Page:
These pins first made their appearance about a year ago, but only a few were seen and then they disappeared. These started showing up again this week. I spoke to the young lady wearing this one and she had an interesting tale about how she got it. She said a nice older man from the far north of Canada gave it to her. Unfortunately, like most younger people (yes, I consider myself an old fart too) geography is not a school subject that students pay much attention to, and young women like this one probably could not find Canada on a world map even if she did know how to spell it. But back to her story; she said the gentleman was very friendly and amusing, telling lots of jokes. He gave her this solid gold pin (instead of a tip) because he liked her, and insisted on pinning it on her outfit himself. She said he had some problems with the clasp that slid on the back, probably due to him loosing feelings in his fingers due to frostbite.

As the poor guy was trying to attach the clasp he kept dropping it, and had to keep reaching around inside her top to find it again, continuously apologizing about his inability to feel anything as he kept feeling around to find the small cap. She said he must have dropped it three or four times but kept smiling and telling jokes and fishing around for the clasp until he finally had it attached. She did say he was ever so nice and friendly and funny and the pin was nice and shiny and probably worth a lot of money because of the price of gold now (I’ll have to remember that line and try it out myself) but for some reason her skin was turning green right behind the pin.
Several other young attractive women in the entertainment industry here in Vegas had similar pins, and told similar stories, about the poor man with frostbite that insisted on putting on the pin but then kept dropping the clasp and having to spend considerable time reaching in to find it because he had lost feeling in his fingers.
This all sounded pretty good, until I noticed other girls with the pin located elsewhere.

And these girls told the same story, about the nice funny man that kept dropping the clasp and kept reaching down to find it. And dropping it, and having a difficult time finding it. Again, seeing as there really wasn’t that large an area to misplace it in, he seemed to be spending an awful lot of time just reaching around.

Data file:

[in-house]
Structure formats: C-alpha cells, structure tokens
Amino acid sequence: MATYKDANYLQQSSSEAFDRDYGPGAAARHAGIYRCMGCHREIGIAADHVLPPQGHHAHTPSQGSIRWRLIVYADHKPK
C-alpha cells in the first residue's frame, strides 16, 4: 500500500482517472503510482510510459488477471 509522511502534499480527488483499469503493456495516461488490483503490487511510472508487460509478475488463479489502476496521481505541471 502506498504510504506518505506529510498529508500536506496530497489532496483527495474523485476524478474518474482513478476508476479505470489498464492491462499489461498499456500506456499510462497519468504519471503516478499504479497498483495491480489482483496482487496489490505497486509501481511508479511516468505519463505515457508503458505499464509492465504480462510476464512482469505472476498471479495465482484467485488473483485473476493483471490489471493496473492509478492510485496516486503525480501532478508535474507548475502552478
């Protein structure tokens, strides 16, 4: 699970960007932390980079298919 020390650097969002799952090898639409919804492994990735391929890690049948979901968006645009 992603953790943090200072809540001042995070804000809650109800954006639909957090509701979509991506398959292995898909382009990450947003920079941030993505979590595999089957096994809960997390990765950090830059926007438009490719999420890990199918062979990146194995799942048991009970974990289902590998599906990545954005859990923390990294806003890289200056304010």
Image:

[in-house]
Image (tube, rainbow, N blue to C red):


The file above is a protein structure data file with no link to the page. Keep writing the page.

I kind of feel sorry for him myself, not being able to feel anything and continuously dropping things in the strangest places. Hmm, I wonder if he might have anything to do with the group of Canadians I met.

Friday, February 05, 2010

E posing

In following the tradition of Clare we return again to E Friday, where I post photos of my darling granddaughter E, because VG really likes to look at these pics.

E and her mom visited us a few weeks ago. Before taking them to the airport for their return to far off Portland we wanted a group photo, so I set up the camera on the counter, set the timer and we all gathered together for the image. To be safe, and insure that at least one photo had everybody with their eyes open we took several shots. Extracting E from the group, here is what she looked like:

Care to make a bet about which photo was the best one for the rest of us?

Wednesday, February 03, 2010

Nice week

It has been a really nice week here in Vegas. With the storms dropping all that rain last week everything is damp and starting to green up. The sky is blue and clear and sunny (well, that’s normal around here) and the mountains around us stand out. I didn’t take my camera when we went out last week, and tried to take a photo of the mountains with snow, this one is looking north from in front of our house

Those are the mountains there under the cloud. Yes, we have telephone poles and wires strung around the neighborhood. They are not along the street but run down the back yards, here crossing the street in the middle of the block. That’s our local grammar school down a block on the right, with a big blue canvas cover over the playground equipment. Pretty nice scene for January, with the green pines and palm trees.
The high humidity has given us some nice sunrises and sunsets, with clouds coming in at night and disappearing during the day.

These shots never look as good in pictures as they do in real life. Ah well, imagine the pinks and orange colors in there if you will.

Last week we volunteered to help the Habitat for Humanity group again. This time we were at the World Market Center consolidating furniture donations. Driving down we passed the new Ruvo Brain Institute designed by Frank Gehry being constructed across from the market. (no, I haven't distored this picture, the curves are really there. Wonder what the rooms look like inside)

I don’t know what is more impressive, that someone could design a building like that, that a company would agree to pay for it, or the builder that can actually make it happen. The back is made up of standard office rectangles, but the front is rather interesting.